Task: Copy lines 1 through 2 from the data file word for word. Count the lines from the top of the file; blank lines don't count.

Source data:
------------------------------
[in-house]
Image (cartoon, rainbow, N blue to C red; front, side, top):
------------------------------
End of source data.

[in-house]
Image (cartoon, rainbow, N blue to C red; front, side, top):